Saturday, 30 May 2015

27/5/15 More Tope

Dave joined me for this one and with a 4.3m tide, which is comparatively tiny, a perfect scenario for  tope fishing. We caught twenty one tope between us mostly 'teen' fish  with the odd 'twenty  plusser' thrown in but, no monsters.
I did learn however from Neil (Spirit Of Arun) that some big tope over 60lb had been taken on previous trips by regular charter visitors and Neil himself had taken some good fish today also.
The diminutive size of the tide made a huge difference to the fishing and we rarely needed to exceed a pound of weight to keep the bait on the sea bed when fishing down tide.
 I also wanted to experiment with some up tide fishing using 7oz casting weights with big fixed wires. This proved to be equally successful though I'm unsure as to whether it gives that much of an advantage over the more direct contact afforded when fishing down tide apart from being able to use a lighter weight rod, 20lb instead of 30.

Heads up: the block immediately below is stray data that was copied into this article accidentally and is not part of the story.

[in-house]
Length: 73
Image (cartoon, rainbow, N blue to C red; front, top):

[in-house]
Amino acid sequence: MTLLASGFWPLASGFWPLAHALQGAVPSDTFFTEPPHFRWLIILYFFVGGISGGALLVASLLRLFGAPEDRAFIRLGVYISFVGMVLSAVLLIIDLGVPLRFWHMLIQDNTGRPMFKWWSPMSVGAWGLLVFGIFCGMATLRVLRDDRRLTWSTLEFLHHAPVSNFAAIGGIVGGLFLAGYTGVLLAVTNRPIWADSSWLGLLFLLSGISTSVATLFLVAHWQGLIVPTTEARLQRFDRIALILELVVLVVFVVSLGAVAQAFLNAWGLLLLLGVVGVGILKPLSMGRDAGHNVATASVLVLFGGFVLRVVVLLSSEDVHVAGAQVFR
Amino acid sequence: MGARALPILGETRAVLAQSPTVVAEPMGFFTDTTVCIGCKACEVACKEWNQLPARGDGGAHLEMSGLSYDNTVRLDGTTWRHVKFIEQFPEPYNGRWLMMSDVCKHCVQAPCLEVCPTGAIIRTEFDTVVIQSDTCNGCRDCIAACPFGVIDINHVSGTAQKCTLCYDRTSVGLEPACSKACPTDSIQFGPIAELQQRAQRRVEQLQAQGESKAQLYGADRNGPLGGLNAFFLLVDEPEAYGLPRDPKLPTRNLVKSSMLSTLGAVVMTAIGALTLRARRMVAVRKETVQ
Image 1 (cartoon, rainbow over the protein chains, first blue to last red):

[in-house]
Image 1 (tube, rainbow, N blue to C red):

A few days ago, following a recommendation from Mick (S-O-A),  I purchased an underwater camera that could be attached to end tackle and sent down to the sea bed. I managed to successfully film a tope taking the bait and several interesting facts appeared in the footage.
Firstly, I was very surprised by the quantity of 'debris' on the sea floor at this particular mark. It was literally littered with shells, both empty and occupied, and other life forms such as starfish.
Also, despite being 100ft in depth, It was obvious that the current was still having a measured effect moving the end gear around quite considerably, and water clarity was reasonable . The camera automatically adjusts  to light levels and on this particular occasion about 10ft from the lens was clearly visible.
As can be seen in the footage, the tope drops the bait shortly after picking it up and moving with it. I suspect that this translates to what is felt as a 'bite' at the surface but its also interesting to see the tope actually chasing the moving bait before finally being hooked.
Hopefully I will be able to film more different species in the future and it will certainly provide some fascinating footage.


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